Thursday, October 27, 2011

Kelly Dean Jolley & Ahab and Sadie


From a 2009 Q & A with philosophy professor Kelly Dean Jolley and his pit bulls, Ahab and Sadie:
Physicists have Schrödinger’s cat. Do philosophers have a particular, famous dog?

I can’t think of a named dog that plays a role in philosophy. (Arthur Schopenhauer was famous for his daily walks with his poodle, Atma.) However, dogs do grace some important pages of philosophy in important ways. For example, Socrates argues (in the Second Book of "The Republic") that well-bred dogs are truly philosophical, effectually a model of the philosopher, of the lover of wisdom, since dogs love wisdom so well that they act always on distinction of knowledge from ignorance, welcoming the known and warding off the unknown (so as to safeguard the known). As Vicki Hearne, dog-trainer and philosopher puts it, commenting on Socrates’ comparison: Safeguarding the known and warding off the unknown has “always been philosophy’s traditional chastity and discipline.”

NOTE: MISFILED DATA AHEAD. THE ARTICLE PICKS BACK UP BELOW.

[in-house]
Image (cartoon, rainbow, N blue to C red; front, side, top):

Ludwig Wittgenstein, the philosopher who most preoccupies me, also sometimes writes of dogs in memorable ways. In "Philosophical Investigations" he asks: “Why can’t a dog simulate pain? Is he too honest?” Later in the book he observes, “A child has much to learn before it can pretend. (A dog cannot be a hypocrite, but neither can he be sincere.)”

Interestingly, Hearne, in her book, "Bandit: Dossier of a Dangerous Dog," from which I took my earlier quotation, likens Wittgenstein himself to a pit bull. She characterizes him as sharing their deep gameness: “[Wittgenstein was] a pit bull of a person who grabbed hold of philosophy with all his heart and did not let go.”

I can’t mention...[read on]
Visit Kelly Dean Jolley's blog, and read his poem “Alabama Pits.”

--Marshal Zeringue

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